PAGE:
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Research Article: Observational Study

Effects of electroacupuncture on patients with chronic urinary retention caused by a lower motor neuron lesion

An exploratory pilot study

Zhou, Jing MD, PhDa; Liu, Sixing BSb; Jiao, Ruimin MDa; Li, Chunbin MDa,b; Liu, Zhishun MD, PhDa,∗

Editor(s): Pang., Ran

Author Information
doi: 10.1097/MD.0000000000018615
  • Open


1 Introduction

Chronic urinary retention (CUR) is defined as a non-painful bladder that remains palpable or percussible after the patient has passed urine.[1] Criteria for diagnosis typically include postvoid residual urine volume (PVR) ≥300 mL.[2] Neurogenic CUR may be caused by a variety of diseases and events. Injuries to the sacral plexus, cauda equina, or sacral spinal cord, as well as pelvic floor nerve lesions after pelvic surgery and peripheral neuropathy due to diabetes[3] generally affect lower motor neurons, resulting in detrusor underactivity, acontractile detrusor, or detrusor areflexia.[4]

There are no exact figures on the overall prevalence of neuro-urological disorders in the general population. The prevalence of neurogenic CUR due to lower motor neuron dysfunction varies depending on lesion type.[3] Patients with neurogenic CUR usually manifest with voiding difficulty, bladder distention, bladder without sensation, bladder dilation, and/or overflow incontinence.[5] A large amount of residual urine may lead to complications such as hydronephrosis, renal impairment, repeated urinary tract infections, and bladder stones.[6]

Management of CUR typically includes clean intermittent catheterization (CIC) or transurethral bladder indwelling catheterization, suprapubic cystotomy, sacral anterior root stimulation,[7] intravesical electrostimulation.[8] However, few well-designed studies have investigated bladder rehabilitation, and the number of drugs with demonstrated efficacy for treating detrusor underactivity is limited.[3] The incidence of asymptomatic bacteriuria in patients with intermittent catheterization is 50%; this value rises to 100% in patients with long-term indwelling catheters.[9] The medical device required for sacral nerve stimulation (SNS) is expensive.[10] More studies are therefore required to explore effective and safe treatment options for neurogenic CUR.

The results of previous studies performed at our institution showed that acupuncture may decrease PVR and improve bladder function in patients with neurogenic CUR.[11–13] The purpose of this prospective pilot study was to preliminarily observe the effectiveness of electroacupuncture (EA) for patients with CUR caused by a lower motor neuron lesion and to provide some therapeutic data for further study.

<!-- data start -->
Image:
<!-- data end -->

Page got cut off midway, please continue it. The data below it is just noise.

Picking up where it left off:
2 Methods

This study was conducted in accordance with the principles of the Declaration of Helsinki and was approved by the Ethics Committee of Guang’anmen Hospital, China, Academy of Chinese Medical Sciences. Trial registration identifier: AMCTR-IPN-18000238. Data of the results from this study will be planned to disseminate in conferences or peer-reviewed publications.

2.1 Participants

2.1.1 Inclusion criteria

  • 1. CUR caused by lower motor neuron damage; lower motor neuron damage caused by injury to the sacral plexus, cauda equina, and/or sacral spinal cord; pelvic floor nerve lesion after pelvic surgery; peripheral neuropathy due to diabetes.
  • 2. Duration of disease >3 months.
  • 3. PVR ≥300 mL with micturition desire.
  • 4. ≥18 years old.
  • 5. CIC or transurethral bladder indwelling catheterization.
  • 6. ≥4 weeks of treatment and ≥1 record of assessment after treatment.
  • 7. Signed informed consent and voluntary participation in the study.

2.1.2 Exclusion criteria

  • 1. Urinary retention due to bladder outlet obstruction (eg, bladder neck contracture, urethral stricture, prostate cancer, prostatic hyperplasia)
  • 2. Urinary system tumors or stones, urinary disorder caused by lesion or injury affecting the thoracic spinal cord, cervical spinal cord, and brain.
  • 3. Suprapubic cystostomy.
  • 4. Severe heart, liver, kidney, mental, or coagulation disorder.
  • 5. Previous implantation with a cardiac pacemaker, SNS electrode, pudendal nerve stimulation electrode, or bladder stimulation electrode.
  • 6. Pregnancy or lactation.

2.1.3 Intervention

Bilateral Ciliao (BL32), Zhongliao (BL33), and Huiyang (BL35) were inserted with needles. The type of needle used depended on patient somatotype (diameter 0.30 mm, length 75 mm or diameter 0.40 mm, length 100 mm; Hwato Brand, Suzhou Medical Appliance Factory, China). Bilateral BL32 and BL 33 were needled to a depth of 70–95 mm with an angle of 45° to 60° inward and downward into the second and third sacral foramen. Bilateral BL35 were needled to a depth of 60 to 70 mm, with a slightly superolateral direction, using needles (diameter 0.30 mm, length 75 mm). The electric stimulators (SDZ-V electroacupuncture apparatus, Suzhou Medical Appliance Factory, China) were transversely connected to bilateral BL32, BL33, and BL35 with a continuous 10-Hz wave (5–10 mA intensity).

For each treatment session, needles were retained for 30 minutes. The participants were treated three times a week, on alternate days, for 12 successive weeks (36 sessions in total for each patient). Basic treatment including CIC or transurethral bladder indwelling catheterization was administered, depending on the patient's condition.